Making Sense of Tillerson’s Rescinded Delegations of Authority @StateDept

Posted: 5:07 am ET
Updated: Aug 11, 2:24 pm PT
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We recently blogged about the rescinded delegations of authority at the State Department (see Tillerson Rescinds Delegated Authorities Department-Wide, Further Gums Up Foggy Bottom).  A State Department official (SDO) told Politico that Tillerson only rescinded three delegations of authority. Just three.  SDO frequently is the attribution used when the folks at the State Department press shop do not want to speak on the record.  The same official who commented to Politico also said Tillerson has requested the Under Secretaries to undertake an immediate review of the remaining authorities. The SDO forgot to remind himself that the State Department currently do not have Under Secretaries but only one Under Secretary (P).

The sources who informed us of the rescinded authorities are SDOs but are not part of the agency’s press office.  They are folks who are not known for running around with their hair on fire.  One of them told us “all”, another confirmed that it was “department-wide,” and that’s the story we ran.  One of our sources subsequently told us that decisions will be made quickly on which authorities will be redelegated. It was pointed out to us that some will be quick and obvious to make like authorities concerning consular services.

We understand that there is also a memo floating around outlining the delegations of authority that have been rescinded.

 

DA-14: Delegation of Authority to Under Secretary for Political Affairs (P) and the Under Secretary for Management (M), January 18, 2017
(no text publicly available)

One the three authorities the State Department said it rescinded was DA-14 dated January 18, 2017 granted by then Secretary Kerry to the Under Secretary for Political Affairs (P) and the Under Secretary for Management (M) that the State Department says “allowed for almost unlimited re-delegation of those authorities.”  DA-14 has not/not been published in the Federal Register nor the GPO so we don’t know all the details that it covered.

A former State Department official (SDO) familiar with this issue, however, told us that the January 18 delegation was essentially envisioned as “a temporary, unlimited delegation of authorities to P and M because it was anticipated that there would be no “D” and perhaps no “S” for some period of time” and that its revocation “would not have a dramatic effect” on operations.  According to the former SDO, the revocation of this specific DA is not surprising since the Secretary and the  Deputy Secretary are now both in place.  The former official further told us that rescission of ALL of the delegations of authority would be much more significant but said, “I can’t imagine that all of the delegations were rescinded.”

The former SDO added that “If the Secretary did revoke all of the delegations one would hope that this would be very temporary.” The former official explained that “Without delegations in place, any decisions that by law lie with the Secretary literally would need to be made by the Secretary. This could result in significant delays, including on decisions that are by and large technical.”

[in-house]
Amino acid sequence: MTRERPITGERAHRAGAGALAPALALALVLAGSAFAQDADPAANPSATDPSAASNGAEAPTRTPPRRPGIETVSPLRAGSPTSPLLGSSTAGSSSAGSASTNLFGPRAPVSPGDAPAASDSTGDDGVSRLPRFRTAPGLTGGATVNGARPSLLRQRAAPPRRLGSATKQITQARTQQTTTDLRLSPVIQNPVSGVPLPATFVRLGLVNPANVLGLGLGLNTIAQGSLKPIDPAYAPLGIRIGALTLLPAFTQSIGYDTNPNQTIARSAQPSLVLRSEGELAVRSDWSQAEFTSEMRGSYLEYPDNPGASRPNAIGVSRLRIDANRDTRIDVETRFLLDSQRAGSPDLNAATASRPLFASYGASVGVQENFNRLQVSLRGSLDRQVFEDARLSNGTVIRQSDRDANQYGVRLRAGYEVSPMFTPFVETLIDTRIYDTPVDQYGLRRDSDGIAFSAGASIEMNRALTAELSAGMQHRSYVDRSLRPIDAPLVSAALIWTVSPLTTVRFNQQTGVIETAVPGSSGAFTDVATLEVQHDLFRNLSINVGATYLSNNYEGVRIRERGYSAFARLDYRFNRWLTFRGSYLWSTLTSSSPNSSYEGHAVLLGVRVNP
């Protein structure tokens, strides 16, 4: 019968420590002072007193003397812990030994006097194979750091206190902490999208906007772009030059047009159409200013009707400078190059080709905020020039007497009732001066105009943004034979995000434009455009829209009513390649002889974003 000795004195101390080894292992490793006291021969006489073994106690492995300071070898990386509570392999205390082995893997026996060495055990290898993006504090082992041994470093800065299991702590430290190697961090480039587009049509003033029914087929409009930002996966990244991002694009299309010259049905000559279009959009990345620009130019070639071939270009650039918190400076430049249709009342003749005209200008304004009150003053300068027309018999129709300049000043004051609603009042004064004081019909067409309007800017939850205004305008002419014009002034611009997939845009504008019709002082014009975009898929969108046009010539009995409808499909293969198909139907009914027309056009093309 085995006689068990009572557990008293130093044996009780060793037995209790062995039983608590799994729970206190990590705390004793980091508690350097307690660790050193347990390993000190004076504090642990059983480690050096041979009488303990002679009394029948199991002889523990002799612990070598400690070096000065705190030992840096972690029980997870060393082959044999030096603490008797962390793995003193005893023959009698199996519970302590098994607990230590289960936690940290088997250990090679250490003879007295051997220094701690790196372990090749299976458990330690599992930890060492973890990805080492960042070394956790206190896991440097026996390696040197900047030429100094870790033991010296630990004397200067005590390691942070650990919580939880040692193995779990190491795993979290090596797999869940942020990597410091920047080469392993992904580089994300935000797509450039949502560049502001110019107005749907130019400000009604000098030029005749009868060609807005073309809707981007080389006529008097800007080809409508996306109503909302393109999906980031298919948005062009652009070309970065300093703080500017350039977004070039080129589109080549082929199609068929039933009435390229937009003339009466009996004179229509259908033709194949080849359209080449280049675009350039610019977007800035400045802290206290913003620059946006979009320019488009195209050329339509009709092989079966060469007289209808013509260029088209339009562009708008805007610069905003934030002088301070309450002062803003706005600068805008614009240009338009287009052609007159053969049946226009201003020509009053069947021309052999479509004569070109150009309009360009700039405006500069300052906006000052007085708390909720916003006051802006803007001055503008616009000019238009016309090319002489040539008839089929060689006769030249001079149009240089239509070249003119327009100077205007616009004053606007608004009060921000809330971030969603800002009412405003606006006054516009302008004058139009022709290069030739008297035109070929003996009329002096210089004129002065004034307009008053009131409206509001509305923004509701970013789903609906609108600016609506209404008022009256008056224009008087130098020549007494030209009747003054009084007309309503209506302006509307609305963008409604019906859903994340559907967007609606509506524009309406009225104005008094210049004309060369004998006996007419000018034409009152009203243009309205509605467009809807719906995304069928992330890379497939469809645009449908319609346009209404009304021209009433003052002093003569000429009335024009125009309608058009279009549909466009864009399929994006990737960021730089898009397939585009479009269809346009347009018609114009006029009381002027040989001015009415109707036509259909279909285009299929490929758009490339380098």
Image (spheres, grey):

A piece published by the New York Times over the weekend notes that “all decisions, no matter how trivial, must be sent to Mr. Tillerson or his top aides: Margaret Peterlin, his chief of staff, and Brian Hook, the director of policy planning.” 

A Foggy Bottom worker bee told us that whether or not Tillerson rescinded delegated authority “the effect is the same –the paper goes to him.” FBWB added that “In normal circumstances we would know the staffers in S, as we do in other 7th floor offices, and can keep paper moving with a telephone call” but that this is now “unknown” territory.

So what does it mean if ALL decisions must now go up to the Secretary of State?

Please don’t tell us that the next wrinkle we’re going to hear would be folks unable to PCS (Permanent Change of Station) because Tillerson is traveling and is unable to approve travel orders.


DA 284-1: Delegation of Authority to the Under Secretary for Political Affairs, Feb 13, 2009

Text: Delegation of Authority No. 284–1

By virtue of the authority vested in me as Secretary of State by the laws of the United States, including 22 U.S.C. 2651a, I hereby delegate to the Under Secretary for Political Affairs, to the extent authorized by law, all authorities and functions vested in the Secretary of State or the head of agency by any act, order, determination, delegation of authority, regulation, or executive order, now or hereafter issued. This delegation includes all authorities and functions that have been or may be delegated or redelegated to other Department officials but does not repeal delegations to such officials.